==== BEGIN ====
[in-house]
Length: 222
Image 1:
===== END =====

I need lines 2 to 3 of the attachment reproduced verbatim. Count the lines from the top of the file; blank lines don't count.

Length: 222
Image 1: